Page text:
01.14.10

If Microsoft Loves Miguel and Novell, Then They Must be Good for GNU/Linux, Right?

Posted in GNU/Linux, Microsoft, Mono, Novell at 7:48 pm by Dr. Roy Schestowitz

Summary: A sanity check that touches on the facts when it comes to Microsoft, Miguel, and Novell

THE Microsoft blogs are still grooming Miguel de Icaza to help him shove .NET and other Microsoft software (and patents) like Mono and Moonlight into the #1 competitor of Microsoft. Here is the latest example. This Microsoft-rewarded blog pretends by calling Miguel de Icaza an “ex-rival” (of Microsoft), but he was never a rival; he was even looking to work for Microsoft over a decade ago, very shortly before he started GNOME.

The Source (sort of an offshoot of Mono-Nono) writes regarding Miguel de Icaza’s Microsoft MVP award:

Great to see more official recognition from Microsoft to Mr. de Icaza on his tireless efforts supporting Microsoft products and technologies!

Other good new posts from The Source speak about Mono and Moonlight, as well as the attacks on Richard Stallman for daring to resist these.

“Fatal Flaw: On Competition

[...]

The Premise

Example: “Moonlight/Silverlight will force Adobe to step up its game, and that competition benefits everyone”

Example: “Mono/.NET will force Java to step up its game, and that competition benefits everyone”

The argument here is supporting Mono/Moonlight/Microsoft is at least indirectly beneficial — if not directly so — because competition benefits everyone.

[...]

When Microsoft talks about “killing” and “fucking burying” competition, driving competitors into a “death spiral” and “out of business”, stacks and bribes standard bodies, and so on, ad nauesum to the extent that courts around the world must step in to correct their behavior time and time again, then I submit to you, Gentle Reader, that is not a culture of co-operative competition.

Outside of a whole raft of general issues with competition (who benefits? for how long? at whose expense? what are the intended end results? what are the unintended side effects? etc), it is clear that not all competition is beneficial. Furthermore it seems clear to me (though I’m sure not so clear to everyone) that Microsoft chooses destructive competition.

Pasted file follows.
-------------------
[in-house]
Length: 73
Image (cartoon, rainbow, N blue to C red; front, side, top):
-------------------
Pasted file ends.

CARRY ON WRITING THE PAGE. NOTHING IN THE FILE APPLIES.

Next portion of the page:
Jason repeats an important point:

Thus I return again to my point that the vocal anti-Free Software critics are either ignorant or malicious.¹ The FSF is quite good at laying out its philosophy in great detail on its website. You don’t have to sign an NDA or anything.

¹ The sadly necessary disclaimer: I’m not suggesting there is no valid criticism out there, just that people who play the “zealot” card, ridicule RMS or the FSF for “hypocrisy”, or enage in other such fact and logic-free fallacies are to be dismissed with scorn.

It is not surprising that a lot of anti-Stallman sentiments arrive from the camp which is advancing Microsoft software in the form of surrogate implementations. Stallman is aware of the problem and he wrote to me about it earlier today. Those who attack Richard Stallman usually have a thing in common; they care about power, not freedom.

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2 Comments

  1. dyfet said,

    January 14, 2010 at 8:22 pm

    Gravatar

    “Great to see more official recognition from Microsoft to Mr. de Icaza on his tireless efforts supporting Microsoft products and technologies!”

    They do have that stated correctly…

    Roy Schestowitz Reply:

    It only makes more official what most people already knew.

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